Kueh Kosui

Kueh Kosui Recipe: Super soft and wobbly version

This kueh kosui recipe is not only the easiest to do but will result in a super wobbly kueh kosui which is a textural delight.  The recipe was shared by Sharon of My Makan Place.  What makes it very different from the typical kueh kosui recipe is that you add the hot gula melaka syrup directly to the tapioca flour!  I initially had doubts that it would work, but it does!  It means you don’t have to add the extra step of cooking it over a bain marie which saves time and effort!  The only downside is that you may have a few lumps of uncooked flour which is easily rectified by straining it before steaming.


Group A
550 ml    Water
400 gm  Gula Melaka  (Original recipe by Sharon uses only 300g)
1/2 tsp salt
6 Pandan leaves knotted

Group B
250gm Tapioca flour starch
20gm.  Plain flour
2 Tbsp Alkaline water
550 ml  Water

Group C
Shredded coconut
1/2 tsp salt
Pandan leaves

8” square tin

[youtube https://www.youtube.com/watch?v=ug_NvJtD1l8]


1. Bring ingredients in group A to a boil and simmer for 10 mins
2. Meanwhile measure and sieve tapioca and plain flour
3. Add alkaline water to water
4. Add hot gula melaka syrup directly to the flour while stirring continuously.
5. Oil square pan
6. Pour the batter through a sieve onto the pan
7. Steam for 30mins.  I used a steam oven set at 90°C.  If you are using a wok, leave a gap in the lid so that steam can escape.  Steaming at high heat may cause bubbles to appear in the kueh.
8.  Steam the grated coconut with pandan leaves for 10mins and add 1/2 tsp salt to it.  This will help the coconut to keep longer.


  1. The shiokness of your kueh kosui is directly dependent on the quality of gula melaka you use.  Try to get pure “gula jawa” from the market if you can.  The ones sold in the supermarkets often have sugar added to it.  You can tell by reading the ingredients list as well as the crystalline texture when you press it between your fingers. A good gula melaka should be soft and toffee like with a nice caramel fragrance.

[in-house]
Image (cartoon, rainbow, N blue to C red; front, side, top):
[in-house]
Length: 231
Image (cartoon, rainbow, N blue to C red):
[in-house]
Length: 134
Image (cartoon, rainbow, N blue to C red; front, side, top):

2. The tapioca flour (flying man) sold at the supermarket works well.
  3. For the grated coconut, you really do need to buy it from the wet market.  The ones sold at the supermarkets aren’t very good.
  4. Many recipes on the internet show that you need to slowly cook the slurry over a double boiler.  I have tried both methods and am happy with just pouring hot syrup into dry flour.  Just make sure you add all the syrup at once and stir quickly.  It should thicken up a little.  It is a little lumpy at first, but it will eventually dissolve. Once all the flour is mixed with water, add the rest of the water.   I have tried dissolving the flour in some cold water first, but it doesn’t work as there is not enough heat in the syrup to gelatinize the flour.  I also tried adding the gula melaka a little at a time but it also doesn’t work!  Just add all the gula melaka syrup at once and stir quickly!  (Trust me.  I tried)
  5. The recipe may not work if you half the ingredients.  Sharon has tweaked it such that the amt of gula melaka syrup is just right to cook the tapioca flour.  You can try, but if the batter is still watery, you may still need to cook it over a water bath to thicken it.
  6. You will find the surface of the kueh to be a little wet and sticky.  Just leave it on the kitchen top overnight and it will firm up nicely.

7. You can buy alkaline water from Phoon Huat where it is in liquid form or from the market as little rocks which you dissolve in water.  Ask for “kee”, for making kee chang. You only really need a grape sized piece to dissolve in water.

Thanks for reading the article. Share if you enjoyed!

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